Do Cell Phones Cause Brain Cancer, or Not? – The Atlantic

But this hasn’t quieted those who are concerned. In 2015, nearly 200 scientists from across the world signed an open letter urging the United Nations and the World Health Organization to develop stricter rules around wireless technology and public health. Their concerns weren’t limited to cell phones, but included a slew of devices like baby monitors, WiFi, cordless phones, and so on.

In May, a group of researchers published in PLOS ONE the results of a meta-analysis that found a “significant” association between long-term mobile phone use and the risk of glioma, the class of tumors that includes glioblastoma. But the actual significance of the link is questionable. The data they used spanned 11 studies between 1980 and 2016, but the researchers themselves acknowledged the evidence is limited and much of the data is “poor quality.” The biggest takeaway, then, may be their conclusion that more study is needed.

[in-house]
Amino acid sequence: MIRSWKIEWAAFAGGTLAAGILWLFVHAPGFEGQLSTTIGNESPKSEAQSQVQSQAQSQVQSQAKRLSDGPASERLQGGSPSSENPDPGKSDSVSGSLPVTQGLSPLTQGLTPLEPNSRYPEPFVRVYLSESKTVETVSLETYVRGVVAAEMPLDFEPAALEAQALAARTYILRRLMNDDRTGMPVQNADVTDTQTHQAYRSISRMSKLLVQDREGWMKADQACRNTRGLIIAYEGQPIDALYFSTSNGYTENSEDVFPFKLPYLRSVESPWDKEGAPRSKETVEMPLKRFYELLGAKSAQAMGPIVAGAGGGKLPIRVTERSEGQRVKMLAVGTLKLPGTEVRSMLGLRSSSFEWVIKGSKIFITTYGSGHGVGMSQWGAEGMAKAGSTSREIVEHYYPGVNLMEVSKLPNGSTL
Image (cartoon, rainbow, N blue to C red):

A National Toxicology Program study last year found that male rats exposed to cell-phone radiation for about nine hours a day over a two-year period were more likely to develop two kinds of malignant tumors, including gliomas.

Other studies have found correlations between long-term cell-phone use and glioma—especially among people who exclusively hold the phone to the same side of their head. A 2010 paper in the International Journal of Epidemiology, for example, found people with the highest level of cell-phone use, about 30 minutes a day over a 10-year period, had a 40 percent higher risk for glioma, compared with those who used cell phones less frequently. One could reasonably expect that politicians would be toward the higher end of the cell-phone use spectrum, for example. Even so, that study, like many in this realm, was criticized for its limitations. For instance, the paper found an overall lower risk of glioma among all cell-phone users—a strange outcome that researchers chalked up to possible participation bias, which can happen when someone who has a disease is either more or less likely to enroll in the study that’s examining that disease. (If methodological issues skewed that correlation across the entire study cohort, skeptics argued, how could any of the study’s findings be taken seriously?)

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